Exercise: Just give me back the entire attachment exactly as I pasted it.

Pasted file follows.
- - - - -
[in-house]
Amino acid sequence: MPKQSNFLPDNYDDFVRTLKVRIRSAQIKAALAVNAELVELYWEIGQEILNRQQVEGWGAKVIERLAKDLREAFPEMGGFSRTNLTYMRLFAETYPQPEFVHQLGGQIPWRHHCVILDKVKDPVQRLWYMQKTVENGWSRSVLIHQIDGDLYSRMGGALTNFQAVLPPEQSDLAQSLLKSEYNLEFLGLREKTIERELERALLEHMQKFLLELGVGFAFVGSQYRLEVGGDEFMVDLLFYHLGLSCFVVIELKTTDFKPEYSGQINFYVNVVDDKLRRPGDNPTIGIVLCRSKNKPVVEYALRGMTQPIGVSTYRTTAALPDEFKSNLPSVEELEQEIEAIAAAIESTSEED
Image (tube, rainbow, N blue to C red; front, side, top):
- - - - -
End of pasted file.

[in-house]
Amino acid sequence: MPKQSNFLPDNYDDFVRTLKVRIRSAQIKAALAVNAELVELYWEIGQEILNRQQVEGWGAKVIERLAKDLREAFPEMGGFSRTNLTYMRLFAETYPQPEFVHQLGGQIPWRHHCVILDKVKDPVQRLWYMQKTVENGWSRSVLIHQIDGDLYSRMGGALTNFQAVLPPEQSDLAQSLLKSEYNLEFLGLREKTIERELERALLEHMQKFLLELGVGFAFVGSQYRLEVGGDEFMVDLLFYHLGLSCFVVIELKTTDFKPEYSGQINFYVNVVDDKLRRPGDNPTIGIVLCRSKNKPVVEYALRGMTQPIGVSTYRTTAALPDEFKSNLPSVEELEQEIEAIAAAIESTSEED
Image (tube, rainbow, N blue to C red; front, side, top):